The Drop in Black Friday Spending
Why The Drop in Black Friday Spending This Year?
The Black Friday decline can be attributed to the economy improving and the changing shopping habits of consumers. According to the National Retail Federation (NRF) statistics there was an 11% drop in Black Friday spending in 2014. A survey conducted by the NRF for the Thanksgiving weekend indicated that 55.1% of holiday shoppers were expected to visit stores or shop online over the Thanksgiving weekend. Those numbers are down from last year’s 58.7%. The survey reports that the average Black Friday weekend shopper was expected to spend $380.95, down 6.4% from $407.02 last year. Total spending was expected to reach $50.9 million, down from 2013’s estimate of $54.4 billion.
What caused the drop?
There are several reasons for the decline in shoppers and spending this year. Proper Insight and Analytics surveyed 4,631 consumers (with a margin of error of 1.5%). Their data showed that large retailers added new commercial shopping holidays, such as Gray Thursday, Small Business Saturday, and Cyber Monday, making it possible for shoppers to have more days to shop the holiday sales. This pulled some of the shopping crowds away from Black Friday.
A large percentage of shoppers surveyed said they specifically wanted to shop “Small Business Saturday” (with some cities calling this “Small Boxes Saturday”), a trend with consumers to spend their money in small businesses and to shop local. This pulled numbers and money away from the big box stores.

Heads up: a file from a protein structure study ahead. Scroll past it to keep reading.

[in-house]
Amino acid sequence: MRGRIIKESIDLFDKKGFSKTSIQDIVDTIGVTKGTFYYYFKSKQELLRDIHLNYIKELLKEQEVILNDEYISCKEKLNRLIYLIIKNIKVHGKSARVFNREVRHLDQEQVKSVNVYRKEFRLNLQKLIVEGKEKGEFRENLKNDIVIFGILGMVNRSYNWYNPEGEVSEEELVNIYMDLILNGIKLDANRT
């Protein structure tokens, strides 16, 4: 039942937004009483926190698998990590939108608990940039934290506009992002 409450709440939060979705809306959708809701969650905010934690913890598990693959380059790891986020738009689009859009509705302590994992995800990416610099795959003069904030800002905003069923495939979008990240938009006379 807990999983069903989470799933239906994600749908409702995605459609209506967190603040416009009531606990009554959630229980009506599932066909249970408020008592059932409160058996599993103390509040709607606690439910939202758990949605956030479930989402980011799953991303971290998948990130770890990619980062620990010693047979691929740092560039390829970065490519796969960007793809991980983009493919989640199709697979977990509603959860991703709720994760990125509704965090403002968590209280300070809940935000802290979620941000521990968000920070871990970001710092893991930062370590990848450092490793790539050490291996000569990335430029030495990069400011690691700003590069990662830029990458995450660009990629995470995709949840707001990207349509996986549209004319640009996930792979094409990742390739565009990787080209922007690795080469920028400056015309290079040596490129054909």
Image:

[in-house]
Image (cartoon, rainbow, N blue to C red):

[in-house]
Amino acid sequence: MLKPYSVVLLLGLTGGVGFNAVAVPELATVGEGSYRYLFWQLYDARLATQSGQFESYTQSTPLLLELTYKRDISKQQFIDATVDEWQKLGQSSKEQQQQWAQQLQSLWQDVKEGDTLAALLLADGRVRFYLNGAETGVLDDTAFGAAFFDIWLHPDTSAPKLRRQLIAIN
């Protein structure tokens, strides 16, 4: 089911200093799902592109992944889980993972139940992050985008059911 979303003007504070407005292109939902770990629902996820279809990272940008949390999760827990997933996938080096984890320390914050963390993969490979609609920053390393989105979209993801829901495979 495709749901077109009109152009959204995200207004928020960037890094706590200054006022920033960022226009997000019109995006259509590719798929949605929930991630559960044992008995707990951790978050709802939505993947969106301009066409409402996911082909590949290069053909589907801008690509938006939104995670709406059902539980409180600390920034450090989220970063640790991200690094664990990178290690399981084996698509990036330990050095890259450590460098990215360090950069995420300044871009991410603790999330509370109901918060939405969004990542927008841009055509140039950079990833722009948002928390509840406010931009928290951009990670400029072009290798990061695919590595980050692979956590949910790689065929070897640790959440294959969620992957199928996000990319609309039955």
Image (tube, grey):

The decline in Black Friday shopping is the second annual drop in a row. This decline can be attributed, in part, to retailers changing-up the pre-holiday sales days. Target Corporation began its Black Friday sales on November 10th. Wal-Mart Stores, Inc. began its holiday promotions on November 1st. Shoppers now have multiple days to shop for the holidays. Black Friday has morphed into several consumer sale days and shoppers don’t have to miss out by not shopping on Black Friday, according to Elissa Margols, senior vice-president of Disney Store North America at Walt Disney Co. The company has 200 stores in the USA and began promoting online and in-store sales the Monday before Thanksgiving.
Brick-and-mortar retailers increased Web deals with promotions that included free shipping, price-matching online rivals (Such as Amazon.com Inc.) and rolling sales.
Retail trade goups said the number of people shopping over the four day weekend declined 5.2% from last year to 134 million. They suggest that even with improvements in the economy, decreasing joblessness, a rebounding housing market, and two quarters of strong economic growth, many consumers are being cautious and thrifty five years after the recession. Consumers are researching their purchases on the Web for best prices and have limited their impulse buying.
Loss of Enthusiasm
“The Thrill is Gone” for Black Friday shopping according to the Wall Street Journal. Data for Thanksgiving Thursday through Sunday for holiday shopping over the past 8 years was collected by the National Retail Federation. Statistics show that the average amount each shopper spent online in total on this weekend from 2006 to 2014 has declined each year from 2012 to 2014. However, 2009 was year of the lowest point in money spent by consumers. That was the height of the recession. There was a steady rise in sales from 2009 to 2012 until 2014 became the new low point.